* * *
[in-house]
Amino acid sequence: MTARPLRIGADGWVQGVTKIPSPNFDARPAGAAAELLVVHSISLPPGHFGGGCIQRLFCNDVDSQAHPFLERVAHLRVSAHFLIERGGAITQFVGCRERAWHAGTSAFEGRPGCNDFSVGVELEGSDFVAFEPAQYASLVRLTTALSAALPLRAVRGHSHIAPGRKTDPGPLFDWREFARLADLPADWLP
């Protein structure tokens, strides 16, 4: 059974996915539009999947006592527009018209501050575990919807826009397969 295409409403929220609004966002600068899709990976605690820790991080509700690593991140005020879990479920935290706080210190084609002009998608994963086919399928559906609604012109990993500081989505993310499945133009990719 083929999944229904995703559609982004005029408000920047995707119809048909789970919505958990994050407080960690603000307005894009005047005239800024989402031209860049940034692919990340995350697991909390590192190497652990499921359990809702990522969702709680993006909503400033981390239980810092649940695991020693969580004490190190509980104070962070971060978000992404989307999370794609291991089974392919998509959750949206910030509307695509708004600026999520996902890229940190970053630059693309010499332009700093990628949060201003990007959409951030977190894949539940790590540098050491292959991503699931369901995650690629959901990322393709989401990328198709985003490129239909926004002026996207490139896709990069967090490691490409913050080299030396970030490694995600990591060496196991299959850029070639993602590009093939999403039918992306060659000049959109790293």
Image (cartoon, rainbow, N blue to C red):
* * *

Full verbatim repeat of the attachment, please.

[in-house]
Amino acid sequence: MTARPLRIGADGWVQGVTKIPSPNFDARPAGAAAELLVVHSISLPPGHFGGGCIQRLFCNDVDSQAHPFLERVAHLRVSAHFLIERGGAITQFVGCRERAWHAGTSAFEGRPGCNDFSVGVELEGSDFVAFEPAQYASLVRLTTALSAALPLRAVRGHSHIAPGRKTDPGPLFDWREFARLADLPADWLP
């Protein structure tokens, strides 16, 4: 059974996915539009999947006592527009018209501050575990919807826009397969 295409409403929220609004966002600068899709990976605690820790991080509700690593991140005020879990479920935290706080210190084609002009998608994963086919399928559906609604012109990993500081989505993310499945133009990719 083929999944229904995703559609982004005029408000920047995707119809048909789970919505958990994050407080960690603000307005894009005047005239800024989402031209860049940034692919990340995350697991909390590192190497652990499921359990809702990522969702709680993006909503400033981390239980810092649940695991020693969580004490190190509980104070962070971060978000992404989307999370794609291991089974392919998509959750949206910030509307695509708004600026999520996902890229940190970053630059693309010499332009700093990628949060201003990007959409951030977190894949539940790590540098050491292959991503699931369901995650690629959901990322393709989401990328198709985003490129239909926004002026996207490139896709990069967090490691490409913050080299030396970030490694995600990591060496196991299959850029070639993602590009093939999403039918992306060659000049959109790293």
Image (cartoon, rainbow, N blue to C red):